Alright on the Night
Birmingham based PR and Marketing agency, S&X, is in London during the Olympics to work on projects for its clients within the sports industry.
In the third of an exclusive series of Birmingham Post blogs, S&X Managing Director, Paul Phedon, describes the scene in the capital, and salutes one of sport's all time greats.
The build-up to the Olympics was blighted by a narrative of doubts over security, transport and even the weather, with some daring to suggest that London wasn't ready to host the greatest show on earth.
What were they worrying about?
The reality, so far, has been the exact opposite. The capital has shown its readiness for the Games with a largely smooth operation, and Olympic fever - thanks in no small part to the magnificent achievements of the Team GB medal winners - is well and truly sweeping the nation.
Here in London, we've not witnessed the transport chaos that was predicted before the Games, with many of the people travelling around the city in the first week of action actually exclaiming their surprise at just how quite the roads and tube lines were.
Clearly, with the beginning of athletics on Friday came a bigger influx of people into the park as spectators flock to the 80,000 capacity Olympic Stadium, but all evidence seems to indicate that the capital's transport network has once again coped admirably with the demand. Indeed, the only minor grumbles seem to be coming from those arriving at Westfield Stratford for a spot of retail therapy, only to find the shopping centre closed to all but those who have tickets for Olympic events during certain busy periods!
We've been lucky enough to attend several nights of Olympic action through our sports industry client associations, and amid the concern over security issues prior to the Games, there was some concern as to the length of time it would take us to clear the entry gates and enter the park for events. But anyone with tickets need worry not - our experience has been a swift passage through the entrance, before heading in to enjoy the action.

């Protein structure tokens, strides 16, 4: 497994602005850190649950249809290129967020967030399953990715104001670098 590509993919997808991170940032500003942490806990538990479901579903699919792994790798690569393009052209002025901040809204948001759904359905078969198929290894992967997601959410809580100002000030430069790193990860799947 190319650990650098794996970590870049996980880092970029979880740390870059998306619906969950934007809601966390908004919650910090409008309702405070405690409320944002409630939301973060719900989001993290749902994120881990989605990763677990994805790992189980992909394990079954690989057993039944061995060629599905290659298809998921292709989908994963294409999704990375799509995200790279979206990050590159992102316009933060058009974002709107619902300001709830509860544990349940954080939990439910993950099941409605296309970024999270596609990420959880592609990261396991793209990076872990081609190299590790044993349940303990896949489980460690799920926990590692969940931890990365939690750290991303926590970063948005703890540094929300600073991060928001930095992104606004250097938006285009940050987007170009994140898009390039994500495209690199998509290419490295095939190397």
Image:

Most of our time in the park has been spent at the Aquatics Centre, where we've seen the swimming phenomenon, Michael Phelps, making history yet again as he claimed four Gold medals to seal his status as the most decorated Olympian of all time.
Jo and I, between us, have been lucky enough to be in attendance for the vast majority of the 22 medals, including 18 Golds, that Phelps has won in his career, and it was a truly spine-tingling moment to be present earlier this week when he broke the record set by Ukrainian gymnast, Larisa Latynina, back in 1964.
With this Olympics believed to be Phelps' last, it was great to see a true legend of the sport receive a deserved rousing ovation from the passionate crowd in London following his final race, as he leaves an Olympic legacy that is unlikely to be bettered at any point in the near future.
It's been a fantastic first week of competition, and the atmosphere in London has been absolutely incredible as the excitement of the Games takes hold. The superb Gold medal winning exploits of Team GB have increased the levels of exhilaration around the city to fever pitch
Michael Phelps quoted Dr. Seuss following his final swim, saying "Don't cry because it's over. Smile because it happened." With a week of competition still to go, we're keeping our fingers crossed that we'll have even more to smile about come Sunday's closing ceremony!
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